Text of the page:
Is Climate Change Currently a Benefit to Some Countries and Businesses?

Is Climate Change Currently a Benefit to Some Countries and Businesses?

There are winners and losers but more losers than winners.

Back in 2014 Iceland’s Prime Minister said that climate change would be good for Iceland, melted ice caps would, he said,  increase food production and export opportunities for his arctic island. Laurence C. Smith, a geologist at UCLA has argued in The World in 2050: Four Forces Shaping Civilization’s Northern Future that the Nordic countries will benefit from rising sea levels and melting glaciers as mineral and oil deposits become available for exploitation. He is optimistic about what can be achieved if we exploit the opportunities that “frontier” regions like the Northern Rim of Scandinavia, Iceland, Russia, Canada and the USA offer. If you think this is fanciful consider the militarisation of the Arctic in recent years.

Until the end of the last century the Arctic Ocean was thought to be international territory, but nations are now staking sovereignty claims as the region becomes accessible. The Northwest Passage linking the northern Atlantic and the Pacific Ocean was first discovered in 1850 by Robert McClure and first navigated by Norwegian explorer Roald Amundsen 1903–1906. It was not until 2009 that reductions in the pack ice, as a result of climate change, has made the passage navigable in the summer months.

crystal cruises

This has created a tourism opportunity – in August this year the cruise ship Crystal Serenity will in 32 days twice traverse the Northwest Passage from Anchorage to New York and back. Tourists aboard a traditional cruise ship, Crystal Cruises describe it as “the ultimate expedition for the true explorer!”. An opportunity to experience “vast landscapes of towering fjords, magnificent glaciers and rare wildlife sightings as you learn the Arctic culture and its fascinating people.”

As Michael Byers from the University of British Colombia has pointed out:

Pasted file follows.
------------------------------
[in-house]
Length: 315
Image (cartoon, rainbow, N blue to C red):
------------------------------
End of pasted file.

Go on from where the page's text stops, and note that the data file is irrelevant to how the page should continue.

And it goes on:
“There is something terribly ironic about taking advantage of climate change to see an ecosystem that is undergoing destruction…. The ship can only go because of climate change. As sea ice disappears so will the ecosystem based around it. This is extinction tourism. They are going to see animals before they disappear.” (Quoted in The Times 18 June 2016)

This cruise voyage is further proof that our climate is changing.

Meanwhile, the Australia Institute has reported that the severe coral bleaching of the Great Barrier Reef is reducing interest amongst international tourists in travelling to Australia. Scientists from the ARC Centre of Excellence for Climate System Science has reported that the entire Great Barrier Reef was likely to be dead in 20 years. The Australia Institute estimates that the loss of overseas tourists could cost the industry a $1 billion a year.

Join us at WTM in November for panels on climate change and resilience.

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Harold is WTM’s Responsible Tourism Advisor, he puts together the flagship Responsible Tourism programme at WTM London which attracts 2000 participants each year and the programmes run at WTM Africa, WTM Latin America and Arabian Travel Market. Harold has worked on 4 continents with local communities, their governments and the inbound and outbound tourism industry. He is Managing Director of the Responsible Tourism Partnership and chairs the panels of judges for the World Responsible Tourism Awards and the other Awards in the family, Africa, India and Ireland. Harold works with industry, local communities, governments, and conservationists and undertakes consultancy and evaluations for companies, NGOs, governments, and international organisations. He is also a Director of the Institute of Place Management at Manchester Metropolitan University, where he is an Emeritus Professor, and Founder Director of the International Centre for Responsible Tourism promotes the principles of the Cape Town Declaration which he drafted.

One comment

  1. Geoffrey Lipman says:

    Harold I like your article as usual but would at first blush question research on customer inclinations to travel to Australia are reduced etc etc. It’s like all the surveys that show people will pay more for green holidays …questionable. I wonder how many indian, indonesian and chinese potential travelers were included. I fear the massive cruise ships as a potential floating envoronmental disaster.

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